• Leadership In Julius Ceasar

    1235 Words  | 3 Pages

    Caesar, the use of diverse leaders plays an important role in the plot, showing vividly how strong personalities conflict. This is the case with Brutus and Cassius, the two leaders among the several conspirators. The story of Julius Caesar is set in ancient Rome during a time when Julius Caesar is to become king. This, however, angers Cassius, a nobleman, and he plots with Brutus and others to kill him before he becomes king. They do just that, justifying their actions by saying Caesar was too ambitious

  • Greed in Julius Caesar

    1506 Words  | 4 Pages

    the play "Julius Caesar" the driving forces were Cassius, Brutus, Marc Antony, and Octavius Caesar.  Cassius was the brother in-law of Brutus and was also the creator of the group of conspirators.  Cassius was also a senator of Rome.  Cassius's greed for power, good reputation, and his jealousy lead to Caesars death.  Cassius had the most honorable man in Rome to help in his plot to kill Caesar.  Brutus was the honorable roman which Cassius took control of.  Brutus loved Rome and all of the

  • julius caesar - flattery

    530 Words  | 2 Pages

    choices of the leaders. Cassius uses flattery with Brutus. Decius uses flattery with Caesar, and Antony uses flattery with Brutus. Cassius persuades and flatters Brutus. Cassius knows that Caesar would do harm to Rome if he became leader. Brutus would be a powerful force in the conspirator's movement to kill Caesar before Caesar becomes king and destroys Rome. Cassius really needs Brutus on his side, so in order to persuade Brutus, he uses lots of flattery. Whenever Cassius talks to Brutus he throws

  • Friendship between Caesar and Marc Antony

    667 Words  | 2 Pages

    stabs Caesar in the back. Brutus and Cassius always had a friendship, but not one that I would want. Cassius needed Brutus for a friend and the way he got him was his superb pervasive talking to raise Brutus’ self esteem and make him feel good. So in a way Brutus was being used by who he though was his “friend”. Brutus and Portia had a great friendship. They loved each other very much and Portia was willing to do anything for Brutus but he was caught up in Cassius’ evil plans. Brutus was caught between

  • Julius Ceasar Flattery

    600 Words  | 2 Pages

    is used by Cassius on Brutus in Act 1, Scene 2 and in Act 2, Scene 1. Cassius tries his hardest to force Brutus to join the revolt against Caesar, but Brutus resists, stating his loyalty and faithfulness to Rome. However, after Brutus accidentally blurts out, “I do fear the people choose Caesar as their king.” Cassius continues his pursuit to convince Brutus to join the conspirators. He thinks the best way to flatter Brutus is by talking about how noble the plebeians view him. Cassius chooses to

  • Analysis Of Julius Caesar

    1468 Words  | 3 Pages

    most significant character in the play, is the leader of the group who plans to kill Caesar, although Cassius is the initiator of the plot. Brutus loves Caesar, as Caesar does him, and ironically this is why he kills Caesar – he does not want to see him corrupted by the absolute power he (Caesar) would have if he were king. He gives Caesar the final stab which kills him. He then leads his and Cassius’ army against Antony and Octavius’ and finally kills himself to avenge Caesar’s death. Caesar was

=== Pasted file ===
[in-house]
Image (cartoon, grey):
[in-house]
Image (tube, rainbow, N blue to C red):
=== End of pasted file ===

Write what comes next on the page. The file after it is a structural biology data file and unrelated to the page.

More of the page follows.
• Marcus Brutus’ Conflict Between Passion and Responsibility

    735 Words  | 2 Pages

    and responsibility. There are three very good examples of this, the first being, obviously, Brutus’ mental conflict dealing with the conspiracy surrounding Caesar’s assassination. Less obvious number two, the conflict between himself and Cassius, dealing with Cassius less than noble hoarding of money. And last of all third, Brutus’ argument with the rest of the conspirators to let Antony live. The conflicts brought about in “Julius Caesar” are incredibly complex. To understand even the very basic conflict

  • Julius Caesar Essay: Brutus as the Tragic Hero

    1044 Words  | 3 Pages

    he rebuked Cassius for refusing to share with him his own fraudulent gains. He strove for uprightness using dishonest and corrupt ways to accomplish his supposed morals. In Julius Caesar, Cassius approached Brutus with the idea of assassinating Caesar. Cassius needed Brutus because of his renowned heroic qualities. He used Brutus as an insurance policy, declaring "Brutus shall lead, and we will grace his heels with the most boldest and best hearts of Rome." (Act III, Scene i) Cassius lead him to

  • Fatal Errors of Brutus

    607 Words  | 2 Pages

    in his plans to prevail over Caesar. There are three errors that seem to be the most significant. They are refusing to take an oath, not killing Antony and allowing Antony to speak at Caesar’s funeral. The plot against Caesar is first devised by Cassius, who slowly allows Brutus to take over the arrangements. This is when Brutus’ miscalculations eventually lead him to his own downfall. First, Brutus truthfully feels that the conspirators have enough will and intelligence to keep the plot concealed

  • Act 3, Scene 1 of Julius Caesar

    686 Words  | 2 Pages

    Act 3, Scene 1 Rome. Before the Capitol; the Senate sitting above. [ previous scene ][ home page ][ next scene ] A crowd of people; among them ARTEMIDORUS and the Soothsayer. Flourish. Enter CAESAR, BRUTUS, CASSIUS, CASCA, DECIUS BRUTUS, METELLUS CIMBER, TREBONIUS, CINNA, ANTONY, LEPIDUS, POPILIUS, PUBLIUS, and others CAESAR [To the Soothsayer] The ides of March are come. Soothsayer Ay, Caesar; but not gone. ARTEMIDORUS Hail, Caesar! read this schedule. DECIUS BRUTUS Trebonius doth desire